Top 5 Things You Shouldn’t Say to a Transitioning Parent

It’s been a little over a year since I made the transition to stay-at-home mom. As if tabling 15 years of marketing experience and a master’s degree wasn’t terrifying enough, then came the comments. Friends, family and people at Giant Eagle had a lot to say. Despite their intentions, here are some common quotes and misconceptions that can be more harmful than helpful to a transitioning parent.

  1. “You’re making the right choice.”

I still question my decision, daily. Two weeks after moving into our new home my son fell down the stairs. I was seven months pregnant with our third baby and it took me an hour to get home from work. That night as I was organizing the pantry my husband poked his head in to say, “how much longer do you want to do this?” And by “this” he meant my job. He travels and wins the bread. I’m a copywriter and can work from home. So naturally, it made sense for me to change course. We didn’t have a heartfelt, pros and cons discussion. We pulled the trigger to see if this would work and are still ebbing and flowing with the process.

  1. “It’s not like you need the money.”

Congratulations! When did you pass your Series 7? For the record, money is just one of several factors parents consider when thinking about staying home. People have different investments, priorities and wants that are a constant stress no matter the size of their house or salary of their partner. Diapers or new sandals from Nordstrom? Every single purchase is a weighted decision. Eight times out of ten I feel guilty buying something for myself.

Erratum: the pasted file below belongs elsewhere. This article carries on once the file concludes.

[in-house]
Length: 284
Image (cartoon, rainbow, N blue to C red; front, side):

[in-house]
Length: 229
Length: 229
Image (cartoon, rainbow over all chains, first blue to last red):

1. “I could never stay home.”

Um, thanks? This is probably the most popular and detrimental response, even if you try to keep the conversation going. I follow this with a simple ‘why?’ and am told either a) we can’t live on one salary or b) I’m a better mom when I work. Neither answer is constructive for a transitioning parent or the friendship.

  1. “You’re going to have so much fun!”

Right. My kids are four, three and ten months. Someone is always crying, sick or fighting. I’m lucky if I can convince them to put on pants and go to the library. Sure, we go to ballet, swimming, soccer—but contrary to the grinning Instragram pictures, it’s not all swing sets and finger-painting.

  1. “They’re going to love having you home.”

My older two ask about every other week if I can go back to work so ‘daddy can stay home.’ Not only have I put my career on hold, it feels as if my new “bosses” don’t value my role. I realize if our roles were reversed they’d want me to stay home instead (maybe) however, it’s a tough pill to swallow every time it shoots out of their tiny mouths.

Being a SAHM or dad IS rewarding. But that’s not what this article is about. The transition is both exciting and completely terrifying—and still is every day. It should be treated with the same consideration, candor and support as any new job. What are some of your favorite quotes or misconceptions that you deal with while staying at home with the littles?


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Rachel Stallard